The Science (and a little Art) of Loudspeaker Placement

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The Science (and a little Art) of Loudspeaker Placement
The Science (and a little Art) of Loudspeaker Placement

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The astonishing thing about the physics and acoustical parameters that govern sound reproduction is that, despite considerable effort by many well meaning or at least well motivated individuals and manufacturers, they simply haven’t changed in the last two hundred years, and, just in case you think there is a breakthrough on the horizon, they won’t change in the next two hundred either.

A Little Useful History

In 1876 (yes … more than 13 decades ago!) Alexander Graham Bell patented his first electric loudspeaker (theoretically capable of reproducing intelligible speech) as part of his telephone, which was followed a year later in Germany by an “improved version” from the legendary Ernst Siemens. Two decades later in 1898, Oliver Lodge established the essential parameters for the moving-coil (also called electro-dynamic) loudspeaker design, which is the core DNA from which every loudspeaker since then has evolved.


The first really practical application of this concept (given the available materials and technology of the early 1900’s time frame) was introduced by Danish engineer Peter L. Jensen and his colleague Edwin Pridham, a few years later in Napa, California. Unable to get a patent for their device or sell it to their target customers (the fast expanding telephone companies), in 1915 they changed strategy to focus on what became known as public address, and named their product Magnavox.

By 1921 AT&T (which had been created in 1885), using a device they named the loudspeaking telephone (actually hundreds of them), based on the ideas of Jensen, and his predecessors, created what we would recognize as the first Public Address system for the inauguration of Warren B. Harding as President of the United States, covering a crowd in the tens of thousands, according to newspaper estimates at the time.

The crucial enhancement and expansion of Lodge’s moving-coil principle, which is the functionally practical basis upon which almost all of today’s loudspeakers are designed, was patented in 1924 by Chester W. Rice and Edward W. Kellogg. It is essential to recognize that these first loudspeakers used electromagnets, because the large, powerful permanent magnets we consider common today, simply did not exist, and wouldn’t until some considerable time later.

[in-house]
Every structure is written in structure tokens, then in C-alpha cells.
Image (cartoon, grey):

As is always the case, time and science, coupled to increased demands from core customers such as the motion picture theaters, combined to increase frequency response and the feasible sound pressure levels of the available loudspeaker hardware, often quite rapidly.

Although pushed somewhat to the background, the public address side of things was not dormant. At the 1939 New York World’s Fair, a very large two-way public address system was mounted on a tower at Flushing Meadows. The eight 27-inch low-frequency drivers were designed by Rudy Bozak in his role as chief engineer for Cinaudagraph (that motion picture theater connection again). It is generally assumed that the high-frequency compression drivers were made by Western Electric.

All of this history leads us to the products we have at our disposal today. Whether they be large powerful systems to cover tens of thousands at stadiums or concerts, down to the small compact surface-mount systems that are seen in almost every restaurant, or public space.


Latest Resource

For Lighting Design, What Software Is The Right Match For Your Needs? (Part 3)
Dig into this final part of a three-part series that looks into choices for lighting design software, including Vectorworks and LightConverse, and how each can best serve the needs of your church.


Article Topics

News · 3D · Audio · AV · Control · Frederick J. Ampel · InfoComm · All Topics

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